You just finished a meal when the delicious flavors you enjoyed are replaced by a foul aftertaste. And the next thing you know, a burning sensation crops up in your chest.
Do you relate to this scenario? You’ve probably experienced reflux, also known as acid reflux.
While the occasional bout isn’t cause for alarm, frequent symptoms can be deeply bothersome.
If your reflux flares up more than twice a week, you could have gastroesophageal reflux disease (GERD), a serious condition that affects some 20% of the US population.
Dr. Sreelatha Reddy and the team at Houston Gastrointestinal & Liver Clinic, P.A. in Sugar Land, Texas, diagnose and treat reflux issues to improve your overall health and well-being.
Let’s take a closer look at reflux, including ways to prevent symptoms after age 40.
Why reflux happens
Stomach acid plays an important role in your health by breaking down food and protecting you from harmful pathogens. It’s a potent acid, however, and can cause irritation if it lands in the wrong place.
Your stomach lining is designed to protect itself from the acid, but your esophagus isn’t. That’s often just fine, thanks to a ring of muscle that works like a valve to keep the acid from moving back up. When the valve fails, though, your stomach regurgitates the acid.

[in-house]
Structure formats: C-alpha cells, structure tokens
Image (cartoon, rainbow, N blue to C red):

The regurgitation of acid from your stomach into your esophagus is acid reflux. If you notice a burning sensation, you’re dealing with heartburn too.
Age and acid reflux
A range of factors can increase your risk of reflux, including smoking, obesity, inactivity, pregnancy, and certain medications. Age is another major risk factor.
As you age, your stomach muscles weaken, which may cause part of your stomach to bulge into your chest cavity (a hiatal hernia) and your diaphragm to reposition. That can weaken the system that keeps stomach acid in its place, leading to or exacerbating reflux symptoms.
How to prevent reflux
There’s no sure way to prevent all reflux symptoms, but you can significantly lower your risk. Doing so becomes increasingly important after 40.
Smart ways to prevent acid reflux include:
- Avoiding foods that trigger your symptoms, such as fatty or spicy meals
- Eating smaller amounts of food more often versus fewer large meals
- Losing excess weight
- Avoiding lying down immediately after eating
- Quitting smoking
If your reflux symptoms wake you up at night, you might also benefit from shifting your sleep positions. Sleeping on your left side may enhance your digestive process, for example. You could also raise your head with an extra pillow to create an incline.
If you can’t get a grip on your reflux symptoms on your own or your symptoms are severe or long-lasting, Dr. Reddy and her team can create a personalized treatment plan after an exam. Your plan may include lifestyle changes, medication, and for especially severe cases, surgery.
To learn more about acid reflux after 40 or get started with the care you need, call Houston Gastrointestinal & Liver Clinic, P.A. or request your appointment online today.